Nail is an interface between living organisms and the external environment and is therefore useful as a marker of physiological changes in the structure of this tissue [1,2,3]. The influence of such external factors as relative humidity, temperature and electromagnetic radiation on the nail causes a physical–chemical release of the matrix–keratin–water composite forming this tissue. The results of our previous dielectric studies of the nail [4,5,6,7] indicate the key role of water in protecting the ordered crystalline structure of the keratin molecule before the onset of the melting process. In recent years, nails research also deals with the influence of water on the biophysical and chemical structure of this material [8,9,10,11,12].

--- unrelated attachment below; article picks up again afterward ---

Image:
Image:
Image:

The paper compares the thermal decomposition of the lower water content in the nail, with the decomposition of higher water content obtained in our previous studies of this material. However, our previous work on dielectric properties of nails was related to the frequency and temperature range of 100 Hz–100 kHz and 22–200 °C, respectively, which are wider than those used in this study. Earlier nail data obtained at 100 Hz were necessary for the analysis of low-frequency dispersion (LFD) and to prove that the electrode polarization does not affect the dielectric behavior of the nail below 2 kHz [6]. In this study, the lower limit of the frequency range used was set at 500 Hz, because the main purpose of this article is to show a significant difference between the size of the relaxation time of protons and active polar spaces inside the keratin above 2 kHz. Thus, the current data expand the previous analysis of the mechanism of polarization and nail conduction, taking into account the complex conductivity as an additional dielectric parameter. In addition, compared to our previous articles, the temperature range is limited to 150 °C to release loosely bound water from wet samples, which thus become dry samples for the analysis of dielectric spectra at a physiological temperature range.